Hi! My name is Natalia and I am a 3D artist from Poland. In 2016 I realised that I would love to create graphics for games. Before I decided to do 3D modeling I experimented with 2D illustration, concept art, and animation. I worked for a VR/AR company for two years, but in 2020 I decided to quit my job to focus on personal stuff and make a portfolio. This is my fourth finished project as of this year and hopefully there will be more.
I was scrolling through Pinterest when I stumbled upon some cute keychains by Gloria Kang.
I liked the water Pokemon design the most because it reminded me of a sunny vacation on the beach. There was also another reason why I felt drawn to it, because as a kid I was a huge fan of Pokemon. I would talk about them non-stop and draw them with crayons. It was obvious for me to make them in 3D this time. I gathered some more reference images from anime and games to be sure I wouldn’t miss anything important.
I believe that planning is crucial no matter how big or small the project is. It helps me stay focused and organised throughout the whole process. I break the project into small tasks to easily fit them into my schedule. I write them down on a piece of paper or use a planner app on my phone. This is useful when I have a lot of other things to do and need to manage my time more efficiently. Besides, I feel satisfied once I cross out a finished task.
Firstly, I created the environment in Blender. The biggest shapes were very easy to make from primitives such as Sphere, Cylinder, and Cube. Then I moved on to the props, and again I used only basic mesh operations. I also added a Subdivision Surface modifier on the terrarium and water. Once I had the environment and props in place, I began sculpting the Pokemon.
I sculpted and remeshed the Pokemon one at the time. Since I didn’t plan to bake normals or to animate, I focused on the proportions and shapes, and then having enough polygons to retain their appearance. After I placed the creatures in their correct spots, I placed some bubbles underwater.
When I’m happy with the models I begin UV unwrapping. I usually assign a Color Grid texture to the material in order to easily identify any mistakes.
I mainly use Substance Painter for texturing. In this project, I needed Base Color and Opacity channels for the transparent parts of the model. Right away, I baked mesh maps because they can be used for Generators and other cool effects. Having only a low poly mesh, I checked the Use Low Poly Mesh as High Poly Mesh box.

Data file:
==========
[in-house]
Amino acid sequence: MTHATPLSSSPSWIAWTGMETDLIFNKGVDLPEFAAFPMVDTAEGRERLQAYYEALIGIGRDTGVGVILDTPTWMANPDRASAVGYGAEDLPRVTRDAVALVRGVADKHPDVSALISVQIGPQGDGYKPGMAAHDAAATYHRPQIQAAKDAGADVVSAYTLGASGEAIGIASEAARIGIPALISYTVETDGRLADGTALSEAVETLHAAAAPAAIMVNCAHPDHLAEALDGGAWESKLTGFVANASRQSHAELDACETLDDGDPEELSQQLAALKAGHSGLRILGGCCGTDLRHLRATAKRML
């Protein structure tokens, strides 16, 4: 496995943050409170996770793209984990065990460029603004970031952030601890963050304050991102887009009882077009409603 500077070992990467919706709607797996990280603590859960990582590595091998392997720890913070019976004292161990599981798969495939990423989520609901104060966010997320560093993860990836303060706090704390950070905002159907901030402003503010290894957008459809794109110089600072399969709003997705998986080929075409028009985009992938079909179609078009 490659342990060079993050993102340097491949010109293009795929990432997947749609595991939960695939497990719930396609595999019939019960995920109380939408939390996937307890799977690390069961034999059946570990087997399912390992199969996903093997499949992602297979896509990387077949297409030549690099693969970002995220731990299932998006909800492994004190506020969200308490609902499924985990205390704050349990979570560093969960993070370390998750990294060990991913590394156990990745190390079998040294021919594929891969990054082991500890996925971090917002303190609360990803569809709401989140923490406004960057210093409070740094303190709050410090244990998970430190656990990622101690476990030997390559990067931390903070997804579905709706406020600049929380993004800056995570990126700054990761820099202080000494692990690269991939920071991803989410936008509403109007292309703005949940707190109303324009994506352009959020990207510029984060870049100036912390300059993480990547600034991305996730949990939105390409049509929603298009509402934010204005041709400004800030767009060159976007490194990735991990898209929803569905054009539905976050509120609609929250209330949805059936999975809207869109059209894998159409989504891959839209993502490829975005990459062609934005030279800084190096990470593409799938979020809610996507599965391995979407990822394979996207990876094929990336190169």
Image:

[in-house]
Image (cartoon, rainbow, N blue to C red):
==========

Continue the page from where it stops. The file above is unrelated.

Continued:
Next, I coloured the mesh using Fill Layers and masks, then painted the details on regular layers. At this point I had only a flat coloured mesh without any shading. I could paint light and shadows by hand, but that would be time-consuming. This is where the previously baked mesh maps came in handy. I made a Fill Layer with an Ambient Occlusion Map as the color input and set it to multiply. After that, I created two Fill Layers with black masks and added the Light Generator on both. One of those layers served as an ambient light the other one as a highlight. I tweaked the Generator’s settings and added Paint to refine some areas.
I highly recommend this Hand-Painted Texture Guide if you’d like to learn more about this technique. It really helps speed up the painting process and is non-destructive.
Presentation is as important as other parts of the process, so let’s not skimp on those final touches. It took me quite a while to get a pleasing result with this particular scene. Here’s what I came up with. I went back to Blender, duplicated the glass mesh, pushed it a bit further out, and flipped its normals while remembering to assign a new material. I also assigned separate materials to the water mesh and the interior layer of glass.
I re-uploaded the whole scene and set up the materials. In order to achieve this transparent glass with outline, I did the following:
- Set the Base Color of the exterior glass layer to white.
- Turned on Opacity with Refraction mode, pushed the slider to a very low value. As for Refraction settings, I set the IoR to 1 with very low Roughness.
- Assigned texture to the Base Color of the interior glass layer.
- Used the opacity map in Blending mode, pushed the value a little lower.
- Assigned texture to the Base Color of the water.
- Turned on Opacity with Refraction mode and opacity map. Pushed the slider halfway. As for Refraction settings, I set the IoR to 1 and Roughness to 0.
Other materials only have their Base Color textures assigned.
That looked quite alright. There was still one last thing to do—Post-Processing Filters. This is hands-down my favourite part of Sketchfab Editor, I have so much fun with it. Before turning on the filters the whole scene looked a bit bland and blurry.
I tested all of the filters and chose the ones that really spiced up my scene. These are the filters I used, and why:
- Sharpness – when I increased the value I noticed the accidental outline effect on the mesh. Super cool.
- Chromatic Aberrations – very delicate color shift on the edges, I never go without it.
- Vignette – subtle effect that helps focus attention on the model.
- Bloom – for emphasizing the highlights and brightening the scene.
- Tone Mapping – to slightly increase contrast and brightness.
- Color Balance – to adjust the colors in midtones and shadows.
Conclusion and Thanks
To sum up, I will say that I am happy how this turned out. I like publishing my models on Sketchfab, it’s such a powerful tool to showcase 3D art in real time. It’s also a great community where artists can find support and get feedback.
I would like to thank Abby for giving me the opportunity to write about this project, and Bart for staff picking my work.
Thank you for reading his article! Now, go create something and have fun 🙂